Sweater


Sweater
A jumper from Marks & Spencer.

A sweater, jumper, pullover, sweatshirt, jersey or guernsey is a garment intended to cover the torso and arms. It is often worn over a shirt, blouse, T-shirt, or other top, but may also be worn alone as a top. Sweaters tend to be, and in earlier times always were, made from wool; however, they can be made of cotton, synthetic fibers, or some combination thereof. Sweaters are maintained by washing, and the use of a lint roller. A hoodie is a sweatshirt with a hood.

Contents

Types and design

"Hot dog" Sweater

The term "sweater" is a catch-all for various types of garments. A fundamental division is between a cardigan (which opens in front) and a pullover (which does not). If the sweater has no sleeves, it is generally called a sweater vest or tank top, or, in the UK, very commonly a "sleeveless pullover" which will very usually have a V neck and can be worn semi-formally; in UK parlance such a sleeveless garment would only be called a "tank top" if it had a square or scooped neck and a generally juvenile appearance.; a "vest" in British English refers to the same item as "undershirt" in American English.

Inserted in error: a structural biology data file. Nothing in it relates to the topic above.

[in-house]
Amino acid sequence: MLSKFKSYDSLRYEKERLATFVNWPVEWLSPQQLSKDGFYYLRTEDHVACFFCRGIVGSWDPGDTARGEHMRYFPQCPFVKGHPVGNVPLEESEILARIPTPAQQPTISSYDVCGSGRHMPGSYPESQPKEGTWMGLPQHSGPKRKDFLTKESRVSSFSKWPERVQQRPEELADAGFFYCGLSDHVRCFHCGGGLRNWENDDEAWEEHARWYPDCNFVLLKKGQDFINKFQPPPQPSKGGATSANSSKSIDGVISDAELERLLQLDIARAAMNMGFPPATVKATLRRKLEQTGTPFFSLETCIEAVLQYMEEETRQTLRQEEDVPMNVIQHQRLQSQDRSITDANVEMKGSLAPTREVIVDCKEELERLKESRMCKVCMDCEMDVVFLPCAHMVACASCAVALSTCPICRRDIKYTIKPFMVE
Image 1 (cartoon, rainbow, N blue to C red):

A garment of this type was originally named a sweater either because it was designed to absorb sweat,[citation needed] or the garment was designed to promote a sweat during exercise. It has now become a household name, and other styles of garment (as named above) have kept the original term. A thermal shirt is considered a sweater.

Sweater

Navy "Wooly Pully" (woolen pullover), rib-knit.